Big Three Moments of the Week
As human beings, the one thing we need to embed in ourselves is the fact that we’ll never be perfect — none of us. No matter how faultless a person seems to be, there’s darkness in them that neither of us can imagine. We are only ever capable of knowing our own best. And in “A Manny-Splendored Thing”, we finally brought light to the darkness within Jack — for the kids at least. There’s no picking sides on this show, and there shouldn’t be, for there isn’t a single character that’s capable of reaching some sort of unimaginable perfection. There’s no character who’s capable of fighting off darkness and negativity entirely, but these are human being that clearly try, so where credit is due, it should be given. And this episode’s means of dealing with the tainted relationships verses the seemingly perfect ones was enamoring. Who would’ve imagined that Kevin returning to The Manny would result in an incredibly emotional rollercoaster.
Scene I: Jack tells Kate the truth about his addiction.
I don’t even know where to begin with this scene. I don’t even know how to properly do it justice. (I will definitely be talking about it more for our week in review that’s for sure.) It’s been clear from the very start that Kate’s relationship with her father was entirely based off of encouragement and unyielding kindness. But it doesn’t mean that Jack deserved to put on a pedestal, and that’s the thing with human beings, we tend to give people too much credit at times, as a result, that puts a ridiculous amount of pressure on them to be something that they’re incapable of — immaculate. It makes harder for a person to admit to their flaws.
The encapsulating truth is that even those we look up to, our parents, our heroes, they’re capable of falling, and Jack’s fall was the pristine showcase of the fact that love can overcome any darkness. This is such a huge moment for Jack because it takes immense courage to admit to something that could potentially change a kid’s perception. And Milo Ventimiglia brought his a-game in a way he’s never done before — the heart crushing stutter and acute fear in his expressiveness as he told Kate about his addiction broke me. Plainly, simply broke me. In his most gut wrenching performance thus far, Ventimiglia makes it clear that this is the hardest thing Jack has ever had to do in his entire life, and the childlike sincerity of his speech cobbled with his distressed physicality made for a scene I genuinely wish I could forget.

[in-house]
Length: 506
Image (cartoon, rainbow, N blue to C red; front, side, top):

And then Kate put her hands to his face in the same way she’d done in the past to reveal that in spite of Jack’s fears — she wouldn’t look to him differently. He’s still her father, and the unwavering love wasn’t going anywhere. Hannah Zeile delivered the silent understanding with such remarkable poise, I don’t even know why I’m stunned — casting directors knew what they were looking for when she was chosen. There was too much heartache in that moment, too much sadness, and it’s in that moment where we could see that things were about to change drastically. But if there’s one thing we’ve established this, it’s that where there’s vulnerability, there’s always bravery — there’s growth. Can you imagine a father having to tell his little girl that he needs help? Could you imagine how much courage that must take for a man perceived as a knight in shining armor to be in this position? I can’t, and that’s what makes this show so special. It’s not that I can’t imagine men being vulnerable, but it’s the fact that I can’t imagine them being this way around their kids, frankly, it’s amazing. And Kate choosing to help as opposed to shutting him out in shock was everything.
Scene II: Kate sings then confronts Rebecca
This scene. This scene crushed me so hard that I just can’t stop thinking about it. To have adult Kate sing “Landslide” while we learn more about Jack’s past in Vietnam and his father’s drinking problem? I’m gonna need a moment. It’s in this moment we’re able to understand what could’ve potentially triggered Jack’s comfort in liquor. But, we’re also able to see that every member of the Pearson family is tirelessly fighting demons others don’t know about, and that’s painfully evident through Rebecca and Kate’s altercation.
Rebecca may have made comments about Kate’s weight in the past with the sole belief that she just wants her daughter to be healthy, but as far as her music goes, Rebecca’s wanted her to succeed. Although people will argue that these are backhanded compliments, we need to understand that Rebecca isn’t like that. Why wouldn’t she want her daughter to succeed? She’s not a monster, folks — let’s stop pinning her as one.
And the fascinating thing about this relationship is the fact that we can’t take sides — there aren’t any. In this moment we have two women, a mother and a daughter, who’ve misunderstood one another in the past without any malicious intentions from either party. I say this as someone who’s experienced the very same thing, but it’s Kate’s own fault for allowing her demons to get the best of her. I don’t sing, but when I was younger, I was always too shy to sing in front of my mom after the realization that she has the voice of an angel. And that isn’t her fault or Rebecca’s, but our own. Sometimes, especially when we’re younger, criticism is hard to take — even the kind that’s merited and kindly addressed. If we’re never told to improve, we’ll go on with the belief that we’re perfect and that isn’t right either. A balance is necessary. But Kate confronting the issue, as it’s much bigger for her as someone who dreams of having a singing career was the proper way to go.